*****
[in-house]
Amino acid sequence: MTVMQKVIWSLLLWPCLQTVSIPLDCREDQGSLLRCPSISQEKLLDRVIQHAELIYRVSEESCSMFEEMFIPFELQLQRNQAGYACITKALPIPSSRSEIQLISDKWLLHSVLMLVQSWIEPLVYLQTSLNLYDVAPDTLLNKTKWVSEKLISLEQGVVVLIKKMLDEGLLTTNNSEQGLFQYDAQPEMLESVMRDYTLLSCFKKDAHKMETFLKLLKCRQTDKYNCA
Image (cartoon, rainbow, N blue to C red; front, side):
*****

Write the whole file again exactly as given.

[in-house]
Amino acid sequence: MTVMQKVIWSLLLWPCLQTVSIPLDCREDQGSLLRCPSISQEKLLDRVIQHAELIYRVSEESCSMFEEMFIPFELQLQRNQAGYACITKALPIPSSRSEIQLISDKWLLHSVLMLVQSWIEPLVYLQTSLNLYDVAPDTLLNKTKWVSEKLISLEQGVVVLIKKMLDEGLLTTNNSEQGLFQYDAQPEMLESVMRDYTLLSCFKKDAHKMETFLKLLKCRQTDKYNCA
Image (cartoon, rainbow, N blue to C red; front, side):